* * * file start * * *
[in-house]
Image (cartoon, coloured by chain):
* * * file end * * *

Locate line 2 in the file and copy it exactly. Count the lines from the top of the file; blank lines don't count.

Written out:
Image (cartoon, coloured by chain):